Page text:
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'We'll play our part in Q4,' Sanofi CEO says on COVID-19 vaccine

·Senior Reporter
·3 min read
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Sanofi (SNY), one of the largest vaccine makers in the world, is increasingly bullish about its cancer portfolio as it focuses on expanding into four key oncology areas.

CEO Paul Hudson told Yahoo Finance Live on Friday that the company is "really turning a corner."

Last year, less than six months after Hudson took the helm, the company announced it was re-entering oncology with its first cancer drug to get approved since 2010.

The company announced early positive results for an oral treatment for certain types of breast cancer that work well in tandem with Pfizer's (PFE) blockbuster drug Ibrance.

"We think it could provide significant relief and opportunity over the long term," Hudson said.

Meanwhile, Sanofi remains focused on its two COVID-19 vaccines, one of which has recently been released from prioritizing the U.S. once it completes clinical trials. That vaccine, in collaboration with GalxoSmithKline (GSK), as well a late-entry mRNA vaccine with TrasnlateBio (TBIO), are the two candidates still in trials.

Since last year, Hudson has maintained that all vaccines in the race were going to be necessary in the global fight against the pandemic, even those that emerge later in the race. To-date, the World Health Organization has authorized a half dozen vaccines, including Pfizer/BioNTech (BNTX), Moderna (MRNA), Oxford-AstraZeneca (AZN), Johnson & Johnson (JNJ) and two Chinese-made vaccines— from Sinopharm and Sinovac.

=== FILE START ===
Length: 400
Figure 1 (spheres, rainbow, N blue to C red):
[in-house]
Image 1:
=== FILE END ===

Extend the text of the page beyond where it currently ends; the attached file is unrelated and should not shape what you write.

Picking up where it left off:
"We knew that it would be a changing landscape ... we'll play our part in (the fourth quarter) this year," Hudson said.

An employee works on an influenza vaccines production line at the factory Sanofi Pasteur, the vaccines division of Sanofi-Aventis pharmaceutical company on November 26, 2012 in the northwestern city of Val-de-Reuil, western France. French health care giant Sanofi Pasteur will soon produce a vaccine against dengue fever near Lyon, central-easter France.  Dengue causes a flu-like illness for most victims but one of its strains can cause life-threatening internal bleeding. AFP PHOTO/CHARLY TRIBALLEAU        (Photo credit should read CHARLY TRIBALLEAU/AFP via Getty Images)
An employee works on an influenza vaccines production line at the factory Sanofi Pasteur, the vaccines division of Sanofi-Aventis pharmaceutical company on November 26, 2012 in the northwestern city of Val-de-Reuil, western France. French health care giant Sanofi Pasteur will soon produce a vaccine against dengue fever near Lyon, central-easter France. Dengue causes a flu-like illness for most victims but one of its strains can cause life-threatening internal bleeding. AFP PHOTO/CHARLY TRIBALLEAU (Photo credit should read CHARLY TRIBALLEAU/AFP via Getty Images)

And the company is, like its competitors in the mRNA space, looking to the future of the new technology for diseases like flu, but also for others.

"We're one of the world's leading, if not the leading, influenza company. There's a high efficacy and safety bar already set with flu, so we're going to play a part either way — if mRNA works, great, if not we're already going to be out there," Hudson said.

But he is waiting until the data comes back in the fall to see what other areas, like rare diseases or areas where vaccines don't exist, hold more potential for mRNA.

Meanwhile, serving the global community and being a part of the global COVID-19 market still holds opportunity for Sanofi. And despite being a late entry in the race, the company doesn't see any value in calls for waiving patents and sharing intellectual property (IP).

"The discussion about IP is not going to accelerate [global distribution], let's be clear about that," Hudson said.

Hudson, like others in the vaccine business, believe the existing supply chain and production pace is the best the industry can do. But with the change in priority away from the U.S., the company has the potential to meet the still-unprecedented demand to vaccinate the world.

"We're right in the thick of it, you never know what's going to happen," Hudson said.

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